On The Frontier of Complex Social Challenges



Dear Faith & Work,

In days of old, the stars in the sky had special significance. Stars helped track time. Stars were a reliable tool for navigation, whether for ancient mariners or freedom seekers on the Underground Railroad. Stars also played a role in religious beliefs and narratives. Stars pointed people towards something bigger than themselves. Stars reminded people of where they came from and where they are heading. Stars helped illuminate the darkness and give hope.

Today, however, we often can barely see the stars at night. They’re blocked out by competing lights. When saying the word star, we’re more likely to think of a star salesperson or a movie star than the stars above. Most of today’s stars are ephemeral, and soon fade from memory and relevance.

This past year at the Faith & Work Initiative we reviewed our strategic plan to ensure we’re following our guiding star and are headed in the right direction. We’re looking forward to the journey ahead at the intersection of work, ethics, faith, and leadership.

Amidst this busy holiday time, particularly with the stresses that Covid has brought into our homes and work responsibilities, we invite everyone to pause and look to the stars in your life. May you find your own North Star that beckons you to follow, that faithfully guides you, and that brightens your life and work. And may your own inner star shine brightly on others, bringing hope and light to your workplace, organization, and all those you touch now and in the new year ahead. 

See you in 2022!

Best regards,

David Miller field photo.jpeg
News to Use

Sneak Peek

As part of an upcoming conversation with Forbes contributor and CEO Leadership Journal editor, Robert Reiss, I observed that it seems we’re living in a strange time right now. Parts of the world are beginning to open up from the pandemic, while others are shutting down. Parts of the world are open to collaboration and peace while others are ideologically and relationally closing down. Covid has exacerbated the push and pull of non-financial factors as business leaders seek to identify risks and protect their employees. Both investors and consumers increasingly insist that company CEOs take public positions on polarizing societal issues, including how to combat racism, fix our nation’s failing public school systems, and manage immigration thoughtfully. How can corporate leaders address these issues in a well-intentioned way that is creative, fair, and sustainable, and not just empty platitudes to appease public pressure?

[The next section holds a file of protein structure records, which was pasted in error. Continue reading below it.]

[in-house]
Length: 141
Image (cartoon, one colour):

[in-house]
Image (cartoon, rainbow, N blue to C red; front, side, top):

Here’s where considering the wisdom and resources of faith traditions might connect with these and other such issues. These traditions remind us that corporate life is not about programs but people. It’s about cultivating a covenantal mindset instead of a contractual one; about relationships not transactions. And faith traditions talk about individual and societal transformation for the greater good, not just what’s best for me or my company. And faith traditions also remind us of the profound stewardship responsibilities that God has given humanity to tend to the garden in sustainable and generative ways, i.e., to be responsible trustees of the resources and environment entrusted to us.

Let me close by wishing each of you health and happiness in the holiday season. A heartfelt thank you to all those who have supported our work this past year. The Faith & Work Initiative is 100% funded by your contributions. For those that would like to support FWI with a tax deductible year end gift we would be most appreciative!

With gratitude,

David W. Miller, Ph.D.

Director, Faith & Work Initiative

Princeton University

Let's Connect

What is Life?

One would think this is a fairly straightforward question to answer. Biology is the field devoted to its study. Wouldn’t the biologist need to know what life is in order to study it? Historically, the questions of biology have ranged from life’s origins, to its emergence, and, to its constant development and change. Recent advances in fields as diverse as astrobiology, bio-engineering, A.I., and information theory, however, have returned to this more elementary question: what is life?  

 In one of my current research projects, I engage this question as an ethical philosopher and as a philosopher of religion—specifically as it relates to difference. How should we think about “life” in its myriad forms? Whether it’s your puppy on the sofa sitting next to you, or a stranger on the far side of the world, or one of the thirty trillion non-human microbial cells in your stomach, or that bit of kale in your noon-day salad, how do we account for apparent difference when there is such deep biological continuity? What does difference really mean when life shares so much of the same “stuff”?

 The relationship between the peculiarity of life and the inevitability of difference produce an ethical tension. From a cosmic perspective, biological life is perhaps the rarest resource in the universe. Human life is but one of life’s many forms. And yet each form busily differentiates itself while also consuming other forms to preserve its own life. How then should we relate, and what is our responsibility to life’s other forms? In answering this question, I draw on the fields of astrobiology, bio-engineering, world religions, history, ethical philosophy, zoology, ecology and literature. My aim is to place the rich diversity of life’s forms in productive tension with life’s shared fundamental structure—and, of course, the reality that life lives off other life.